In 2020, politics seemed to permeate everything, from get-out-the-vote efforts by companies like Uber and Lyft, to prompts on social media urging users to register and vote. There used to be a sense that politics was bad for business, but it seems we’ve encountered an era where it’s nearly impossible for brands to avoid getting political in some way.
With U.S. students heading back to their studies (one way or another) during the COVID-19 pandemic, brands have pivoted their marketing to adapt. Top performers will act in real time, be flexible, focus on e-commerce, provide contactless opportunities, and consider thoughtful marketing.
As a Macy’s spot said: “No matter how we school, let’s be ready.”
“Those retailers that really pivot their marketing strategies to be in sync with how consumers are thinking and behaving are really going to come out on top,” Lisa Rosenberg, president of consumer brands at global communications agency Allison+Partners, told The Street in August.
The back-to-school market has shifted away from pencil cases and backpacks to health and safety products as well as necessities like desks, headsets, and even sweatpants. Content shifted early on from traditional paid ads to social media content on sites like TikTok, Instagram, and Pinterest. Brands have amped up discounts and online promotions as a response to the nation’s ongoing financial situation and the toll it’s taken on parents and teachers.
Ad production has notably taken a DIY approach, given social distancing requirements. Popular teen clothing retailer American Eagle directed, shot and produced its back-to-school campaign entirely on Zoom. Macy’s ads were coordinated by independent photography directors with children who could capture distance learning setups.
Similarly, Hollister launched a back-to-school TikTok challenge that encouraged users to share their own version of the #MoreHappyDenimDance dance. The dance challenged was a success and resulted in over 2.5 billion views.
It hasn’t been easy, and no one knows where spending will land when it comes to school year supplies. The National Retail Federation projected that parents with children in K-12 will spend a record $33.9 billion on back-to-school goods this year, up considerably from $26.2 billion in 2019. Other analysts offer a less rosy outlook, according to The Wall Street Journal.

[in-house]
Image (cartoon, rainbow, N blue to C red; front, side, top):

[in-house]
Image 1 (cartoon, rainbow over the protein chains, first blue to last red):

• Back-to-school advertising dropped almost 50% versus last year, with one-third of households indicating they wouldn’t shop at brick-and-mortar stores.
• More than half of U.S. consumers planned to use their smartphones for back-to-school shopping this year.
• Shoppers were more budget-minded, with 86% planning to spend less than $500 on supplies.
• Common purchases were expected to be school supplies (82%), clothing (64%), personal protection equipment (57%), electronics (38%), and furniture for educational use (21%).
The pandemic has forced brands to hone messaging for anxious consumers and reconsider visuals like people hugging or shaking hands. Target, for instance, featured special back-to-school promotions, contact-less services, supply lists by school name, virtual shopping experiences, and free two-day shipping.
“From Crayons to Dorm Décor, Tackle Every Back-to-Class List with Ease at Target,” reads the Target website, which features at-home learning supplies.
Walmart also features “home classroom must-haves” and “kids’ study space” categories online, while Danimals yogurt has an #AtHomeAdventures campaign across channels like Instagram for kids engaged in remote learning.
“If you have production footage of people without masks or people all together, suddenly that raises eyebrows. You’ve got to be very considerate about what you’re showing people and in what context,” Oz Etzioni, CEO of the personalization platform Clinch, told Marketing Dive. “You’ve got to be able to really quickly change the content, change the messaging and the tone, or else you’ll seem to be either irrelevant or insensitive.”
Kohl’s, which adopted a relatively positive and upbeat tone, recently announced a slow start to the season, while brands like Old Navy and Jansport met the crisis head-on by tackling more somber topics for young people such as civil rights activism and mental wellness. Others have taken a wait-and-see approach, but one thing is clear — no one can afford to completely ignore the current reality.